Vouronpatra, a large bird which haunts the Ampatres (swamps in the central highlands) and lays eggs like the ostrich’s; so that the people of these places may not take it, it seeks the most lonely places.
Admiral Ètienne de Flacourt in his Histoire de la Grande Isle de Madagascar, 1658.
In 1840 an unnamed explorer sent some remains of a gigantic egg from the African island of Madagascar to the French zoologist Paul Gervais, who identified the fragments as belonging to an ostrich egg. Only in 1851, the existence of a yet unknown giant bird was announced during a meeting of the Académie des Sciences, based on the discovery of a complete egg, six-times as big as an ostrich egg. Fifteen years later the first skeleton of an elephant bird, belonging to the family Aepyornithidae, was discovered. Since then various species were described, based on more or less fragmentary fossils. Aepyornis maximus, described by French naturalist Geoffroy Saint-Hilaire in 1851, has often been considered to be the world’s largest bird ever. In 1894, British scientist C.W. Andrews described an even larger species, Aepyornis titan, however as there is often sexual dimorphism to be found in birds, this species was dismissed as a large specimen of A. maximus. Apart from the genus Aepyornis, Aepyornithidae comprises also the genus Mullerornis. However, over time there was much confusion on the exact taxonomy of elephant birds. Some naturalist used very fragmentary material to describe new species. Some reconstructed skeletons were embellished, adding some bones, especially in the neck, to size up the supposed animal. Some proposed species of elephant birds were not even based on skeletal remains, but only on the description of egg fragments.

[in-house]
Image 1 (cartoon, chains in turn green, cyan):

Zoologist James Hansford and Samuel Turvey tried to solve this puzzle by measuring hundreds of elephant bird bones from museums across the globe, using also computer models to reconstruct fragmentary bones. Based on the statistical distribution of size and anatomical characteristic of the bones, the team concludes that the family Aepyornithidae comprises three genera and at least four distinct species. Apart Aepyornis (with two species) and Mullerornis (one species), the size distribution suggests that a third genus of elephant birds, larger than the two previously mentioned genera, existed on Madagascar some 1,000 years ago.
The new established genus Vorombe, meaning “big bird” in the Malagasy language, comprises also the largest bird ever discovered. Vorombe titan weighed as much as 1,760 lbs (seven-times a modern ostrich), standing 9.8 feet tall. The research describing the discovery is published as a free access paper.